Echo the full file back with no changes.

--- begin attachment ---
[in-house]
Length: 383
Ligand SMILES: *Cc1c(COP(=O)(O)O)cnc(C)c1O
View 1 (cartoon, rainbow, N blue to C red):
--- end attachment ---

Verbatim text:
[in-house]
Length: 383
Ligand SMILES: *Cc1c(COP(=O)(O)O)cnc(C)c1O
View 1 (cartoon, rainbow, N blue to C red):